Individual-Range Chart

The Individual-Range pair of charts are among the most commonly used charts in SPC. You will find the chart listed under may different names, including: Individual-Range , I-R, I-MR, X-R, X-MR, Individual-Moving Range, and Control Chart for Individual Measurements. A typical Individual-Range chart consists of two graphs displayed one above the other. The top graph is the Individuals chart, and the bottom graph is Range chart. The example below shows a typical Individual-Range chart.

Individual-Range Chart – 1

The data used in the chart is pulled from the Individual-Range chart example, Table 6-6, in the textbook Introduction to Statistical Quality Control 7th Edition, by Douglas Montgomery.

The Individual-Range chart is one of several chart types which fall under the general category known as Shewhart Variable Control Charts, which is a general grouping of SPC chart types that work with quality data expressed as numeric values (i.e. 35.623412). The Individual-Range chart monitors the trend of a critical process variable over time using a statistical sampling method that results in a single sample per sample interval. The Individuals part of the chart plots the single sample for each sample interval, and the Range part of the chart monitors the difference between the sample in the current sample interval, and the sample in the previous sample interval. The look-back of one sample interval when calculating the Range value for the Range chart is why it also called a Moving Range chart. Superimposed control lines indicate whether or not the process being monitored is in or out of statistical control.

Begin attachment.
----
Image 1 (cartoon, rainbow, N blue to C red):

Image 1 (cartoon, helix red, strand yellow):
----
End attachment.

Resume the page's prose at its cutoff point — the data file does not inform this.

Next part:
You use an an I-R chart if your sample subgroup size is one. Some of the reasons where this might be the case are:

  • You are measuring every unit of production output, so there is no reason to organize the sample data into subgroups.
  • You are sampling the production output at some fraction of total output, but due to the nature of the manufacturing process, the sample subgroup size is not constant. You can either go with the XBar-Sigma chart using variable sample size, or an Individual-Range chart using one sample per sample interval. The XBar-Sigma chart using variable sample size will produce control limits that vary from sample interval to sample interval. But the Individual-Range chart will result in fixed control limits. Which chart you use depends on how you want the operators to interpret the chart.
  • Some processes will always result in values within of subgroup that are extremely close in value, when compared to the values from different batches or times. Better to just go with just one sample at a time.


The initial setup of the chart typically involves establishing standardized control UCL (Upper Control Limit) and LCL (Lower Control Limit), and Target (Centerline) values, for both the Primary (XBar) and Secondary (Range) charts. These limits are calculated based on monitoring and sampling the process when it is running while “in control”. The formulas for Individual-Range charts are listed below.

Each sample interval has only one value, for a subgroup sample size of one. So all you need to consider is the \({X_i}\) value for for that sample interval.

Let (\(X_1, X_2, …, X_M\)) be the measurement values of the N sample intervals. The \(\bar{X}\) (mean of the X-values) is just the mean of the N \(X_i\)– values.

\(\Large{\bar{X}=\left(\frac{1}{N}\right)\sum_{i=1}^N X_i = \frac{(X_1 + X_2 + \cdots + X_N)}{N}}\)